It was a long time in coming, but finally I met the man I was to become. Along the way – and first – some other people pointed me in the right direction.

As you move through life, you cross paths with countless others. A few resonate with you in deep ways. It is, I think, the shock of recognition, as if you are meeting pieces of a future self. They have qualities that are as yet only latent in you but waiting to come out. They mirror back at us features of distant selves that we can only guess at.

With the perspective that comes from years of living, I now see who some of those guides were.

Ignacio Peri was a fashion designer and arts entrepreneur in Oakland, CA. After assisting him at one of his fashion shows as waiter, he took me to lunch at Chez Panisse in Berkeley. Back then, I was still an adolescent and uninitiated in that other world, but he talked to me of slow Sunday mornings with his lovers. No one as yet had ever spoken to me of such things at all, let alone in such an easy manner, savoring each hedonistic detail. Later, when he heard through the grapevine that I was picking up stakes and moving to Argentina, he reached out to me and again invited me to a meal, this time in a converted warehouse long before downtown Oakland was cool. He wanted me to know how important it was for me to go live abroad; how it would transform my life, as it had his. I think he was also concerned that I might get cold feet faced with the obvious challenges of starting over in a foreign country. With great love and wisdom, he told me that I had throw myself wholeheartedly into this project – that my life depended on it. He also gave me some practical wardrobe advice for traveling, most of it centered on leaving behind my jackets of questionable taste with their padded shoulders and taking a single, well-tailored blue blazer.

Another of my guides has been Dennis Stapleton, a house painter whom I met when he painted my parents’ house and who returned to my life as an adult when we coincided on a construction job. Dennis is the most iconoclastic person on the planet today, a true original. No one has opened my mind as much as Dennis. A child of Okies who survived by packing fruit and being quick with a blade, he can at times be overwhelming with his rapacious and volatile intellectual curiosity, but I recognize that no one has challenged me to truly think for myself and avoid calcified commonplaces as much as he has. Hanging out with Dennis is like doing psychedelics without doing the drugs.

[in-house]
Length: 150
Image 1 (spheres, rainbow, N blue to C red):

Another of my guides was Brian Day, a graphic designer and motorcycle racer who was one of the first people to see me as I wanted to be seen. An early participant in Burning Man, he met me once and just adopted me. I had no say in the matter. He would write me letters that I treasure. Even though our friendship was cut far too short, Brian gave me a precious gift.

While I usually think that the greatest influences in my life have been women, these three men played out-sized roles. With their big hearts and free-flowing sexuality, they lived life proudly and with love. If this were a country song, I would say that they loved puppies and babies and the women of the night – but that particular soundtrack hardly seems appropriate here. Their hearts were open horizons that would not be fenced in. Each hewed an artful path through life, one that would never be confused with anyone else’s.

These guides vouchsafed me glimpses of a future self. Ignacio, telling me of his adventures, showed me a world that would soon become an essential part of me and educated me in slow Sunday mornings. Dennis showed me what it means to own a truly free mind and use it to shape your life. Brian, who dropped into my life like a big, smiling leprechaun, gave me the hope that one day I too would see myself and be seen.

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